Less Explored Used Cars We Would Buy In Singapore at S$1,000 Depreciation Per Month

Less Explored Used Cars We Would Buy In Singapore at S$1,000 Depreciation Per Month

Gerald Yuen
Gerald Yuen
23 Nov 2022

We’ve heard of horror stories derived from used car purchases, in particular from less mainstream brands that dangle attractive financial carrots like negligible upfront costs, lower interest loan rates or “reasonable'' depreciation. And while we are in full agreement that a handful of used cars are best left without the responsibility of ownership, there are still a couple of cars from less conventional origins worth considering in Singapore. This shortlist stems primarily from a financial standpoint for an aspiring car owner willing to fork out S$1,000 worth of depreciation per month (or S$12,000 annually). But do they need to be plain obvious choices? Not necessarily - logic can be injected with oddball preferences, too!

SEAT Toledo 1.4 TDI

With SEAT now seemingly spending most of their effort reigniting its Cupra performance arm, it comes as little surprise that previous models have since slipped under the radar - none more so than the relatively pedestrian SEAT Toledo. It wasn't the car to bring SEAT back in the limelight after more than a decade of inactivity in the Singapore market, but we reckon 6 years down the road its passivity played to its advantage - an efficient diesel motor with a claimed 25km/l hauling a utilitarian sedan shell with a boot space larger than a Toyota Corolla Altis. It might not be embellished with the best curves, but all is forgiven if we bring into focus its sensible, honest charm.

Peugeot RCZ 1.6 Turbo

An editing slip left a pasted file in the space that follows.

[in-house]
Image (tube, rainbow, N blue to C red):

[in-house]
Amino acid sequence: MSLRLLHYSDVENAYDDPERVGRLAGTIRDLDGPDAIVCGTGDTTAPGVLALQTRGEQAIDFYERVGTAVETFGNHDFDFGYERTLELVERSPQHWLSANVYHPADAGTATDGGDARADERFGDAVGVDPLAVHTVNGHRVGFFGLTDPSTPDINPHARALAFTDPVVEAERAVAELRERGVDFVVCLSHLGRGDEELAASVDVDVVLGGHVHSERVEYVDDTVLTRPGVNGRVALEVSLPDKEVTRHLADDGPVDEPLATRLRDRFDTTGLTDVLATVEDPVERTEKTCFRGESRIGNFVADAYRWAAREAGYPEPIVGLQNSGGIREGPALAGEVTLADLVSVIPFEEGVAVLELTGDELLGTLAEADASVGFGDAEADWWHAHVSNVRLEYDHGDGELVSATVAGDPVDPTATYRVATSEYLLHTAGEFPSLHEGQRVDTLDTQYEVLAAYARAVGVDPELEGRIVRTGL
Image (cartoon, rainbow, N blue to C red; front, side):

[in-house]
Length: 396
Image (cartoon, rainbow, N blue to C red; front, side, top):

The Peugeot RCZ in pre-facelift guise might have just crossed the 1 decade mark, but its aesthetics still looks highly relevant today. A double bubble roof, sloping roof line and low centre of gravity make it look like no other on local tarmac. It’s not as impractical as first perceived - 384 litres of boot space makes it more functional than a Mazda 3 hatchback. It is punchy too - 156bhp and 240Nm gives it a century sprint of 9 seconds, while obtaining a decent fuel efficiency of 13.6km/l. An equally attractive Audi TT of similar age sets you back S$3,000 more per year in depreciation, and a MINI Cooper S running a similar 1.6-litre turbo motor might be priced similarly to the RCZ but is comparatively more conventional. The RCZ might not be dynamically sublime, but its dashing looks at this price range makes it a tough sample to ignore.

Honda Crossroad 1.8 L (A)

It was often labelled as the Japanese Hummer, or a Toyota FJ Cruiser without off-roading credentials. But the 2nd-gen Honda Crossroad never intended to mimic anyone - it can be argued that it played a part to spark the wildly popular urban compact crossover / SUV category. It has come a long way given that its predecessor was a rebadged Land Rover Discovery (and remains the only Honda-badged V8 till today). The Crossroad ceased production in 2010, making way for an even more quirky first-gen HR-V, before evolving to one synonymous with compact crossovers. The Crossroad was literally at the crossroads - its bold decision to be tagged as a subcompact urban SUV yielded risks but we knew how significant this classification has evolved in hindsight. That alone deserves full respect in our books.

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